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Technology & Innovation

Automation, Creative Destruction, and Your Job in Technology’s Crosshairs

Andrew McAfee of the MIT Sloan School of Management discusses the concept of creative destruction, which explains the phenomenon of automation simultaneously wiping out existing industries while creating new ones in their place.

Andrew McAfee of the MIT Sloan School of Management recently visited Big Think to discuss a subject that’s sure to fill readers with glee: robots destroying your jobs!

Okay, so maybe not glee. Perhaps dread. Or paranoia. The median American worker has a lot to fear, says McAfee, especially if they do what is described as “routine knowledge work.” Those jobs exist in the sweet spot where technology is making its greatest inroads. McAfee explains in today’s featured Big Think interview:

McAfee employs two examples of professions that are feeling pressure from automation: tax preparers and lawyers. Each is a high-skill job that requires advance education and mastery of policy, formulas, and research. The problem for folks currently employed in these positions is that, day by day, computer programs are improving their abilities to perform these duties and often better than any human could. McAfee points to TurboTax as an example:

“The constituency that’s most negatively affected is the body of tax preparers out there. These are folk who are actually above-average educated. They’ve been to college. They’ve been to an advanced degree. They’ve got a CPA. They’ve done the right thing. They’ve invested their human capital in an area they thought would lead to a long and productive career. And all of a sudden, here comes a $40 piece of software that’s putting a lot of downward pressure on their wages.”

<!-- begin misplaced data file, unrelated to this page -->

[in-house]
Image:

As for law, which McAfee calls a “high-prestige, well-paid, highly educated profession,” the ability of a computer program to scour through hundreds of court documents in search of a smoking gun supplants the need for the army of lawyers previously employed to complete such a task:

“We’ve got a category of software called eDiscovery where you basically just tell it what you’re looking for, hit a button, and milliseconds later you get back every instance of that pattern. If there’s a smoking gun in the documents, it’s very likely to find it. The head-to-head comparisons that we’re able to do between the results of eDiscovery and the results of that army of lawyers sitting around and reading documents indicate that the eDiscovery actually gives you higher-quality outcomes. So a lot of these trends are putting pressure not just on that classic median American worker, but even on fairly highly educated, well-paid ones like law.”

McAfee explains that the advancement of technologies such as these falls in like with an economic phenomenon called creative destruction, a theory of economic innovation developed by Austrian-American economist Joseph Schumpeter during the 1940s. A basic summary of creative destruction is as follows: as innovation occurs and revolutionary new technologies are introduced, former industrial structures will be dismantled with new ones constructed to take their place. If computers wipe out the last of the tax preparers, a new breed of workers (McAfee uses the example of data scientists) will emerge.

So is your job in danger of being automated in the coming decades? For the longest time, the basic understanding was that machines could only supplant blue-collar manufacturing professionals. That era is over. White-collar, high-skill, whatever-you-want-to-call-it professions are now in the crosshairs, particularly ones that focus on formula repetition, operations via template, data entry and search, and mastery of rules or policy.


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